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The Italian maestro talks to Azure about designer responsibility, collaboration and the mundialization of countries.

At 76, Gaetano Pesce is still as relevant as he was in 1969, when he launched Up 5 and 6, a vacuum-sealed chair, which expanded into the shape of a voluptuous figure chained to an ottoman. The set was meant to symbolize the societal restraints imposed on women, and it could easily be considered the first piece of feminist furniture ever built. It’s also just one of the many defining moments in a career marked by a parade of wildly fun and clever designs – most notably his resin vases, which wobble when touched.

Ahead of Pesce’s appearance as the guest of honour at the sixth annual AZ Awards gala back in June, we wondered what words of wisdom he has for the next generation – straight from a man who never followed anyone’s advice but his own.

What is the most important responsibility for designers in the 21st century?
To make people think using recognizable form – meaning the figure. This is the future of design. Talking through images. And to help users understand something more advanced than what they are used to seeing. Look at the computer: it is able to commu-nicate to people in different languages, in a universal way, by using images.

This seems to be an art perspective, of encouraging users or viewers to see more than what’s in front of them.
Yes. If design is able to express content that is related to religion, or that expresses a political view, or the reality of the everyday, in that moment design is an art. It is no longer secondary to art. If designers look for innovation – and are not concerned only with making objects that are useful, but that also have philosophical content – they are making art, no question.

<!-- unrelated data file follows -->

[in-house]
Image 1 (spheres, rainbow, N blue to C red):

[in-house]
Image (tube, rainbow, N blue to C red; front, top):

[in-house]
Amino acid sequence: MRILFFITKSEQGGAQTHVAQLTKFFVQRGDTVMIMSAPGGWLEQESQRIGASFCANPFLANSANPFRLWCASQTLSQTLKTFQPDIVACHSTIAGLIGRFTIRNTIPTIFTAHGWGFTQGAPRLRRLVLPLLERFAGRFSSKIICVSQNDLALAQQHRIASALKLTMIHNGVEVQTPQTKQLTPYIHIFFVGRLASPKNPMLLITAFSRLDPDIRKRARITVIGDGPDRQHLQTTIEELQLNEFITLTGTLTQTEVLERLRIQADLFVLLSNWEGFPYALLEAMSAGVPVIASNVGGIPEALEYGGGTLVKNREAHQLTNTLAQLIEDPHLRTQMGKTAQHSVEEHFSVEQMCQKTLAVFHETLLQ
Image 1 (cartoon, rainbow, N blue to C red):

Much of your design work has had an Italian ref­erence. Is the idea of a national design still relevant?
Not the nationality, but the expression of the place, is very important. Intelligent designers have to be able to recognize and express a spirit, not in terms of material but in terms of the soul of a place. For 40 years, I have said that the mundialization of countries is the worst thing we can do. When you go to a modern art museum in Tokyo and you find the same kind of thing you find in New York or Stockholm, that is horrible. We need to be able to express the differences of places and of cultures.

Your intervention in the production process seems particularly relevant today. What effect does it have when you involve other people in the design?
When you collaborate, your work becomes more complete. I arrived at the point where I not only opened my collaboration to others, but I opened the possibility of the material to be free to do certain things that I couldn’t imagine. In 1975, I asked some employees at Cassina to each make drawings on table­tops. At the beginning, they said they were not artists and not able to do what I was asking. I said everybody is an artist, just try, and they did, and they succeeded. In the future, I believe we will be able to make objects as a process to be completed by the user, where the user will have to intervene with his or her own creativity to complete the process.

If you create something, it gives you a much deeper sensation.

What do you think designers should keep at the top of their minds?
What I keep in mind is innovation, to provoke progress. Nothing else.

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